Like other arachnids outside the orders of scorpions and the Tetrapulmonata, the Solifugae lack book lungs, having instead a well-developed tracheal system that inhales and exhales air through a number of spiracles - one pair between the second and third pair of walking legs, two pairs on the abdomen on abdominal segments three and four, and an unpaired spiracle on the fifth abdominal segment.[13] Air sacs are attached to the branching tracheae, with tracheoles penetrating the epithelia of internal organs. Hemocyanin, a respiratory pigment common in the hemolymph of many arachnids and other arthropods, is absent.[14] As embryos they also have opisthosomal protuberances resembling the pulmonary sacs found in some palpigrades.[15]


Chewing movement of the chelicerae in solifuges dorsal view (top) and side view (bottom)
Lateral aspect of chelicera, showing teeth and cutting edge

Among the most distinctive features of the Solifugae are their large chelicerae, which in many species are longer than the prosoma. Each of the two chelicerae has two articles (segments, parts connected by a joint),[16] forming a powerful pincer, much like that of a crab; each article bears a variable number of teeth, largely depending on the species.[8][11] The chelicerae of many species are surprisingly strong; they are capable of shearing hair or feathers from vertebrate prey or carrion, and of cutting through skin and thin bones such as those of small birds.[17] Many Solifugae stridulate with their chelicerae, producing a rattling noise.[5]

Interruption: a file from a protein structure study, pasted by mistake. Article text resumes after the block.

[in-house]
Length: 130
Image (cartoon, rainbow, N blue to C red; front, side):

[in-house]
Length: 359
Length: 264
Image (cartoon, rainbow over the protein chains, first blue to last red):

Legs and pedipalps[edit]

Male solifuge in South African veld: Its flagella are visible near the tips of the chelicerae, looking like large, backward-curling bristles. As in most species, it holds its pedipalps clear of the ground; its front legs serve as tactile sensors, barely touching the ground with their setae.

These elements work the same way as in most other arachnids. Although the Solifugae appear to have five pairs of legs, only the hind four pairs are true legs. Each true leg has seven segments: coxa, trochanter, femur, patella, tibia, metatarsus, and tarsus.[17][18]